The call for more “solidarity” among eurozone states is a disguised attempt of President Macron to make the enterprising and frugal European states pick up the tab. Instead of a “transfer union,” France and must get their houses in order.
Recently, French President Emmanuel Macron spoke of the importance of mutual solidarity during the COVID-19 crisis in Europe. According to him, the European Union will not survive without solidarity among member states.
This was his response to German and Dutch reluctance to support France’s joint debt issuance idea, which would see well-off countries backing loans to Italy or Spain, and thus create a fully-fledged “transfer union.” This would be a necessary step toward the misguided dream of a centralized Europe.
Mr. Macron gave Spain and Italy as examples, but in fact, his scheme would largely help France maintain its excessive levels of public spending and centralized state at the expense of more competitive and frugal neighbors.
What solidarity means
Since the beginning of the pandemic, governments have been using the crisis to justify expanding their powers. The frightened public fails to notice that decentralized countries and societies that put more emphasis on personal responsibility, such as Switzerland, have responded to the crisis far more effectively than the “nanny states.”
Solidarity, contrary to what Mr. Macron seems to suggest, is a two-way street. Help should be offered during an emergency, but on the condition that the receiving party uses it to achieve a sustainable solution to its problem. Since 2008, France and Italy have had ample opportunity to consolidate their finances thanks to cheap credit and the quantitative easing policies of the European Central Bank (ECB). However, instead of reducing their public debts, these states went in the opposite direction. Fellow eurozone member countries financed their extravagances, either directly, or by accumulating ECB receivables that will never be honored.
Throughout Europe, including in Germany, small and medium-sized enterprises are in a state of crisis.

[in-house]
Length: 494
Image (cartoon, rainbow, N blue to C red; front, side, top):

Today’s appeals for solidarity are not backed by commitments to reduce the future spending of sprawling governments. This amounts to a defense of the status quo and further centralization. The only cure for the latter’s woes would be to help the business sector by easing the burden of stringent and arbitrary taxation and restrictive regulations imposed on the economy. But this, again, would necessitate reductions in state expenditure.
Throughout Europe – including in Germany – businesses, and especially small and medium-sized enterprises (SMEs), are in a state of crisis caused by overtaxation and regulations depriving them of the opportunity to build reserves. SMEs now need and deserve to receive aid during the lockdown freeze of the economy. This would be just as compensation for having been bled dry and should not be treated as a handout, and favor from the state.
There are two sets of problems here. One is that countries that willfully missed out on the chance to consolidate their finances are now invoking EU solidarity to be bailed out again. The other is that nearly everywhere in Europe, the overblown public administrations are suffocating the economy’s backbone, the SMEs.
While all this is clear, these days, the public debate unfortunately revolves around ideology. Calls for more government intervention are drowning the voices of reason.
We should, however, look in another direction. Consumer habits may change as a result of the current restrictions. John Maynard Keynes’s obsolete doctrine of stimulating consumption with easy money may finally be retired. Businesses will need to adapt quickly, as a combination of changing and reduced consumption will necessitate higher productivity and intense cost control. New business models may emerge. If we want to foster prosperity under these circumstances, the states’ oversized role in the economy must be reduced. Europe’s public services must shrink and leave more room for the productive sector of the economy.